4th Crossing/B139.6

4th Crossing/B139.6

There is a story in the book The Land of the Living, by John Mash that tells of National Guard troops that were camped here at the bridge during World War I. Sabotage by people sympathetic to the Germans was thought to be a great threat so in 1917 the National Giard was given the responsibility of guarding the bridges of the WM and the B&O. At each bridge were camps for the troops and gun emplacements to guard the approaches of the bridges. The troop camp here at the 4th crossing was remembered by two men by the name of Bud and Dave Keifer who were children at the time. They remember the camp to have had neat rows of tents that were surronded by neat rows of white washed rocks. The camp was at the west end of the bridge between the road that crossed the tracks and the bridge. It it known that the rocks are still here today lined up as thay were in 1917.

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A 1966 home movie showing the Blue Mountain Express from Hagerstown to Cumberland through Paw Paw bends. First movie clip shot from train is rounding the curve and crossing the 2nd Potomac bridge. Next exiting Stickpile tunnels west portal, then 3rd crossing with the B&O crossing. The block signal is the east end of the double track at Jerome, and then the 4th crossing at Magnolia. Last clip is a brief glimpse of Maryland Junction. (video from Andy DeLauder)

A photo looking east from Maryland at the bridge on May 6, 1917. (Thanks to Jim Coshun for photo)

The abandoned WM right-of-way east from Kessler Tunnel leaves the deep cut and around a slight curve to the bridge. A barricade was constructed by the park service to keep people off the bridge. It's hard to spot the bridge through the grown up trees, but if removed, it would be a nice photo. There is a large flat area here that would also make a good camp site. The flat area was most likely created from rock and dirt removed from the mountain side to when digging the cut and tunnel.(Sept. 2001)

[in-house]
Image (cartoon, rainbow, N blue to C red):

Out on the west end of the bridge in September 2001. The bridge is in good shape here up until about the center of the bridge where the crossties are missing.

Looking west towards Kessler Tunnel from the 4th bridge in the 1980's. The trees on the roadbed in the distance don't look nearly as big as the forest today. You can almost make out the right-of-way still. (David Lawerence Scally photo)

The WM bridge at Magnolia, photographed from B&O's bridge.

Along the east side of the bridge the tracks are consumed again by the trees.

Looking down river from WM's 4th bridge. A portion of the river breaks off to the left of the island in the left of this photo taken in Summer of 2004.

Down along the river from the bridge in September 2001. This location would make a nice photo for an eastbound Western Maryland train.

Removed the summer images and added these winter ones taken on February 9, 2014, some 38 years after being abandoned. In winter/fall it is much easier to soo where the WM ran.

The eastern portion of WM's 4th bridge is curved in order to allow the WM to run around a long bend of the river. The WM will next cross B&O's Low Line, the former route of the B&O up the Potomac river Valley. After completion of the WM line the B&O soon began construction of its own line that would be known as the Magnolia Cutoff. (2-9-14)

Stopped at thr bridge in the Summer of I believe 2015 and took the above photos. I wanted to capture the rusted supports to the bridge and photograph the tree that had grown up thru the bridge. After I took those photos I walked out in the river for a few photos.

The WM crossed the B&O's Lowline as it crossed the river numerous times in the Paw Paw Bends. The original color of the bridge was black. When it was black it used to read "WESTERN MARYLAND RAILWAY FAST FREIGHT LINE". The old paint is beginning to show through the fading silver/aluminum paint that was applied in the 1960's.

Construction photo at the 4th Crossing site. The tracks below are the B&O and appears supplies came in on the B&O. (Thanks to Jim Coshun for photo)

Same photo location as above photo but with a long ago completed bridge, date is 7-6-17. (Thanks to Jim Coshun for photo)

Looking east and west at the eastern end of the 4th Potomac River bridge. Notice the bridge's milepost number can still be seen as black 1396(139.6) over aluminum paint. (2-9-14)

This signal base is located just off the east end of the bridge. It was used for the hotbox detector signal for all eastbound trains. The WM ran east of here through this cut before reaching the West End of Jerome.

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